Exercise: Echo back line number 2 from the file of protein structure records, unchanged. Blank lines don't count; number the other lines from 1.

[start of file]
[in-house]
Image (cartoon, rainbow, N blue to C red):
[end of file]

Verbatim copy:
Image (cartoon, rainbow, N blue to C red):